In a sequel that couldn’t be more different from his appealing debut (The Four Courts Murder, 2005), Nugent gives his Dublin detectives more help than they want in tracking down a corpse’s missing foot.
Working with obvious care and knowledge, someone gave Nigerian restaurateur Shadrack Nwachukwu a hefty dose of anesthesia and amputated his healthy lower leg. But for some reason, the relatively gentle ministrations stopped at that point, for when Shad was found pounding at a door in the dead of night, the stump had been clumsily sutured and covered only with a plastic bag. Why would anyone do such a barbarous thing—and do it with such a combination of expertise and unconcern? The case falls to Sergeant Molly Power and Inspector Jim Quilligan of the Garda Síochána. But even before Quilligan is packed off to Benin in the hope that he can learn more about Shad’s background (was he attacked by the notorious Bakassi Boys, or by the Ogboni, whose name can only be furtively whispered?), it’s clear that the most active sleuth is Shad’s brother Jude, who’s both more motivated than the Garda and less finicky about the justice he’d like to mete out to his brother’s killer.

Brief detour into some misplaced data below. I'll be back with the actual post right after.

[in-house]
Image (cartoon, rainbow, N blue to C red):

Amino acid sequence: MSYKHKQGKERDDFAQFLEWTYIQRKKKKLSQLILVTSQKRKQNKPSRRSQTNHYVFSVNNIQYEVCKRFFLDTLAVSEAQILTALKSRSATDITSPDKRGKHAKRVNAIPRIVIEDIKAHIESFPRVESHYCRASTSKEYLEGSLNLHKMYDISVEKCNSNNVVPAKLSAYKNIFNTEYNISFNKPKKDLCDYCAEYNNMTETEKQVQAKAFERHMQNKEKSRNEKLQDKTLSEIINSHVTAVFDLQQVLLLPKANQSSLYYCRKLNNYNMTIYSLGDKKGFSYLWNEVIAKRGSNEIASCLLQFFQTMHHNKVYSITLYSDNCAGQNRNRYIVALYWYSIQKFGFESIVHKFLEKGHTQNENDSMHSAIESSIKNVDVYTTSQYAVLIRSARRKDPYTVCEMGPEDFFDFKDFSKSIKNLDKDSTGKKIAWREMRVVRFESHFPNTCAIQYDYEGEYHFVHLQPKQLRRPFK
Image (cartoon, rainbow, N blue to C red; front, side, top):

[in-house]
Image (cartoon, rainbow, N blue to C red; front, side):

What shines throughout, however, isn’t the detective work, but the piercing compassion that crosses racial and national lines to embrace everyone who seeks the truth about the evil that left Shad dead.